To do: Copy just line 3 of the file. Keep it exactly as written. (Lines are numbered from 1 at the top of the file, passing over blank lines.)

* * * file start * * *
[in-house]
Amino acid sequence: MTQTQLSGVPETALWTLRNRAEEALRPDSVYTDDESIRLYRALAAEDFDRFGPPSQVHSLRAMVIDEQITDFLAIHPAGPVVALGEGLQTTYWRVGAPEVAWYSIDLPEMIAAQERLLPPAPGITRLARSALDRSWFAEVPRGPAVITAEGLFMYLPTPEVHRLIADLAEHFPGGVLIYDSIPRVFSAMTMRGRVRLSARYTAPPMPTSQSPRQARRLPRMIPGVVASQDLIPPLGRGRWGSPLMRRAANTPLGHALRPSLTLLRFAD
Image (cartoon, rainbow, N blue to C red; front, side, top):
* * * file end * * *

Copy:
Image (cartoon, rainbow, N blue to C red; front, side, top):